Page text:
Important Progress, But No Definitive Action

Universal FAFSA: The bipartisan proposal to make completion of the FAFSA a high school graduation requirement was heard in the Senate Higher Education committee and unanimously passed on to its next stop in Education Finance, where it unfortunately stalled and never received its next hearing. EdAllies is working in coalition with several other organizations to keep momentum on this issue alive, continuing to understand and address implementation questions. Data from other states shows these policies can improve college access for students of color and those from low-income families.

Automatic Enrollment: While this important policy was heard in both the House and Senate laid over for inclusion in both chambers’ omnibus bills, it did not make the cut this year—likely the victim of limited funding being pulled in many directions. Evidence shows that automatic enrollment policies increase access to rigorous coursework for students of color, low-income students, and other students underrepresented in these classes. 

Data and Reporting: EdAllies worked with Rep. Clardy (D- Inver Grove Heights) on a bill that would modify a school’s World’s Best Workforce plan (newly-renamed Comprehensive Achievement and Civic Readiness) to include a measure of 9th grade students on-track to graduate. Research shows that this indicator is critical for college and career readiness and can identify students who risk falling behind. While the policy was included in the House omnibus policy bill, the Senate did not and it was ultimately removed from the final omnibus bill. Another measure would have pushed back the public release date of Minnesota Comprehensive Assessment (MCA) scores to December 1st, raising concerns about how teachers and families could use that data to understand students’ needs before the school year begins. EdAllies, along with community partners, successfully campaigned against that change and public reporting of MCA data remains on September 1st.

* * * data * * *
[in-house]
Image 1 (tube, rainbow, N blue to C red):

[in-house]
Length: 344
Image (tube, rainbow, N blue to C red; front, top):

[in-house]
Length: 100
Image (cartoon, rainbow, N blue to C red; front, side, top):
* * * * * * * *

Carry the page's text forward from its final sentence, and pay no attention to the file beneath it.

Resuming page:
No Action

High-Dosage Tutoring: Although we remained hopeful, a low-budget year was not the optimal time for costly programs like high-dosage tutoring, despite their critical importance in closing COVID-related learning loss and other gaps in student achievement. While bills were introduced, they were never heard in committee.

Replacing Meal Forms: Before this session began, we were watching for proposed replacements for the outdated free and reduced price lunch forms that are now obsolete in Minnesota due to universal school meals. While these forms ostensibly deal with meals, they’ve served as the count for low-income families in each school and district, so Minnesota needs a new way to capture this data. No proposed fixes were introduced this session, but action is needed on this issue sooner than later. Accurate counts of students living in poverty are critical for equitable school funding, support services, and more.

Looking Forward

Even in a year with limited funds and limited energy after a major flurry of legislation in 2023, there was meaningful progress on critical issues like chronic absenteeism and literacy. Both of these issues have more work ahead, as do the several other loose ends where there was strong legislative interest but no final action. We’ll be working with partners to explore next steps on the issues above and more—including ongoing funding questions entering a budget year, from special education and English Learner cross-subsidies to literacy incentive aid and compensatory revenue—to ensure urgent, student-centered progress advances.

Want to hear a breakdown of the 2024 session on our podcast? In our end-of-session episode, we have an open discussion on the tone of the legislative session, the non-education priorities that took the focus of policymakers, details on the final version of the education omnibus bills, and what we should expect in 2025. Check out ‘Loud Noises! The Issues, Drama, and Wins in Minnesota’s 2024 Legislative Session!